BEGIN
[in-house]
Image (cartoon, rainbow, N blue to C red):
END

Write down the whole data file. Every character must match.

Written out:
[in-house]
Image (cartoon, rainbow, N blue to C red):